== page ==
Links and News — 19-Nov-11

Moment of Zen:

Best Statistics Question Ever” (be sure to read not only the question but at least some of the 700+ comments posted so far)

Exchanges Involving Secular Outpost Contributors:

Defending the Argument from Consciousness

Stephen Law and Ed Feser have an ongoing exchange regarding Law’s evil God challenge (EGC): see here, here, here, here, here.

Julian Baggini and Keith Ward exchange on religion and science: here, here,

Morality and Atheism

Good With God?“– This ad compares the charitable contributions of nontheists Warren Buffet and Bill Gates to Pat Robertson, accusing Robertson of donating virtually nothing to charity.

  • [Editor's note (Lowder): in my opinion, the ad should have focused on the positive accomplishments of nontheists, without the attack on Robertson. Even if the criticism of Robertson is accurate, it is unnecessary to make the point that nontheists can be good without God. Since it is far from obvious that Robertson's behavior is representative of theistic behavior in general, critics may wind up focusing on this incidental issue while missing the main point.]

New Research Says Anti-Atheist Prejudice Stems from Distrust” by Will Gervais, Ara Norenzayan, and Azim F. Shariff: an academic study into the sources of anti-atheist prejudice. The study itself is only available with a subscription to journal, but a decent summary is available at Hermant Mehta’s blog.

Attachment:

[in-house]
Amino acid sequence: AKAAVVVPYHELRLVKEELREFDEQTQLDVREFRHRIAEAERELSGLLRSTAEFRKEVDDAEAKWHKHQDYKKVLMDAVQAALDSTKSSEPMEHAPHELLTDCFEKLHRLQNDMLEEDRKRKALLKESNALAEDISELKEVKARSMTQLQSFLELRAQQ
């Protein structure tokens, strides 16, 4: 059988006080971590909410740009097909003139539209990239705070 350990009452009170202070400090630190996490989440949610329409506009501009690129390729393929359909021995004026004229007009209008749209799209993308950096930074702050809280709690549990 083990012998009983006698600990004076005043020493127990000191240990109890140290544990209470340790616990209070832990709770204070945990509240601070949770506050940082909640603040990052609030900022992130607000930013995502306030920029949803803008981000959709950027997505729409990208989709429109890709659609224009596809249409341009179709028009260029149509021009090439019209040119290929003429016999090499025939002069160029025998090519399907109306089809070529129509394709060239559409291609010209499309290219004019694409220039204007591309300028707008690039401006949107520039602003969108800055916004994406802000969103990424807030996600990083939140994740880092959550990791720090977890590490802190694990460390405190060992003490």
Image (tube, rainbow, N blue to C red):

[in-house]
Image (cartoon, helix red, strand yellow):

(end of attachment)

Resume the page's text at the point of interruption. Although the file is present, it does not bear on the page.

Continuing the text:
• [Editor's Note (Lowder): The fact that anti-atheist prejudice stems from distrust seems rather obvious to me, but this study is noteworthy for the fact that it is the first empirical confirmation of this suspicion. As the abstract states, it is "the first to systematically explore the social psychological underpinnings of anti-atheist prejudice" and "indicate the centrality of distrust in this phenomenon."]
  • Cf. recent Secular Outpost article: “Republicans Unite Against Atheists

Miscellaneous Links:

When the Saints Go Marching In“: audio of Michael Licona speaking at the conference of the EPS

  • [Editor's Note (Lowder): At around 22:30 in the recording, Licona comments on how Craig Blomberg and William Lane Craig share Licona's interpretation of Matthew 27. He also mentions that several Evangelical scholars have privately expressed their support to Licona, but are afraid of speaking out publicly for fear of the consequences. And at 33:00, Licona reports that Paul Copan and Gary Habermas have been uninvited from previously established speaking engagements because Copan and Habermas had opined that Licona had not abandoned inerrancy. Copan goes on to talk about the risks to Evangelical scholarship when "theological bullying" goes unanswered.]

Quote of the Day” at Ex-Apologist (from Wes Morriston’s opening statement in his debate with William Lane Craig)

Recent research on why former Christians left the faith identified the following top 4 reasons: relationship between faith and science, Hell, the argument from evil, the reliability of the Bible.

Bart Ehrman defends the historicity of Jesus: see here

Two Gems from Fallen From Grace

Dear Christian, Your Blog Comments Say Volumes About Your God“: some of the comments hurled at Stephen Hawking in response to his nonbelief

Why Would I Want to be Your Friend?”: Bruce Gerencser, a former Evangelical pastor turned atheist, questions the desirability of friendship between an Evangelical Christian and an atheist, from the atheist’s point of view.

Church-State Separation and the U.S. Military